A decade in the works, the 11th Street Bridge Park in Washington, D.C., has yet to be built. But it could be a model for how to create public space while lessening the effects of gentrification. The park would repurpose the old infrastructure to create a new civic space, a park and cultural hub, connecting the wealthy, predominantly white neighborhoods of Navy Yard and Capitol Hill with historic Anacostia and Fairlawn, both of which are majority Black and low-income. (The New York Times) 

The National League of Cities and the National Assembly of State Arts Agencies convened local and national arts leaders in May 2022 to discuss art, culture, design, and heritage. This blog post showcases how arts and culture investments are meaningfully contributing to communities and bolster local leaders’ public service goals, including arts-infused civic infrastructure. (National League of Cities

Felix Salmon of Axios writes about AEA's 2021 Cultural Infrastructure Index highlighting the addition of adaptive reuse projects and the completion of these types of projects at a collective cost of $1 billion in capital investment last year. The article also reports on how adaptive reuse projects contribute to environmental sustainability and the preservation of older buildings. (Axios

The strategies on show range from the ad-hoc to the forensically planned. One German architect, Arno Brandlhuber, invited friends to bash out holes in the concrete walls of a former underwear factory near Potsdam using a sledgehammer, to create the windows of his gritty new weekend home wherever they saw fit. (The Guardian)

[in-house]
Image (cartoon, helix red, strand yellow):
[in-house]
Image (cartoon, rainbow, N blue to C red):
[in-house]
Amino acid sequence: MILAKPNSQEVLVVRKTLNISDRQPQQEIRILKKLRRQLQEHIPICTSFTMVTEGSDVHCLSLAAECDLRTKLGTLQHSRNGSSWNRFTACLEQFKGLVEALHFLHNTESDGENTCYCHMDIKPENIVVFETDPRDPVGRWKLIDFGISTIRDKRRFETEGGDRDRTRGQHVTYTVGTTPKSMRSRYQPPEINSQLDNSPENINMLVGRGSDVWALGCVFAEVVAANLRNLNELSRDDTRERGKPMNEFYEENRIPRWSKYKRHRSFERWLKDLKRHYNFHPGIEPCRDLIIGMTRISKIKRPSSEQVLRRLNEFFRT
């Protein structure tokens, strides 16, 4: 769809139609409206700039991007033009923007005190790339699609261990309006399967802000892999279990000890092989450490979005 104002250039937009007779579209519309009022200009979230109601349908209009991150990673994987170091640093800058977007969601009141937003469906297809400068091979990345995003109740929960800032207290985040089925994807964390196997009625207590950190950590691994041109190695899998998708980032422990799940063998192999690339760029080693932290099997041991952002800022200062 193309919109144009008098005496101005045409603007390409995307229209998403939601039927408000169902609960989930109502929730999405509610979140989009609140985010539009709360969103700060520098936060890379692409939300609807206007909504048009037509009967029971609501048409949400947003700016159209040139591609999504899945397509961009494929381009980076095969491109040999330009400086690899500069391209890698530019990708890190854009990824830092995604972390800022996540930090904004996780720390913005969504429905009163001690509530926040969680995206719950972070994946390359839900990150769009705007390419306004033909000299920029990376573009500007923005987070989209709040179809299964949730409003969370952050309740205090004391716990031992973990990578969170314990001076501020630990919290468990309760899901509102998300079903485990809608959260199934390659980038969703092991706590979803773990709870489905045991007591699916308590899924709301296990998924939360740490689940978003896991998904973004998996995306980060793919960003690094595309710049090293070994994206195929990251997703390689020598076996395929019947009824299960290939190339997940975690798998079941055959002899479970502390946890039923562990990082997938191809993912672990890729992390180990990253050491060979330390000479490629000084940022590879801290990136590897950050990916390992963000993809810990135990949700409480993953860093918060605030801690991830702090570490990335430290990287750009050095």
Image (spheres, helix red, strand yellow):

“MVRDV has created a mechanism by which collections, as well as such functions as conservation and exhibit preparation, are condensed, stacked up, and made visible. They have eschewed both the idea that the museum is also a temple of culture and that it should therefore have a grand entry and circulation core, and also have eliminated display spaces used solely for that purpose,” says Aaron Betsky. (Architect Magazine

More than a decade since it broke ground, the long-awaited Taipei Performing Arts Center opened to the public in Taiwan's capital last week. After years of construction delays and debates over a budget that has climbed to 6.7 billion New Taiwan dollars ($223 million), attention can finally turn to the dozens of productions being staged this fall -- and to a venue that is radically rethinking the way theaters operate. (CNN)

AEA Consulting is a global firm setting the standard in strategy and planning for the cultural and creative industries.

We are known for our candid and impartial advice that draws on deep knowledge of the cultural sector as well as robust research and analytical insight.

Since 1991, we have successfully delivered more than 1,200 assignments in 42 countries, helping clients around the world plan and realize vital and sustainable cultural projects.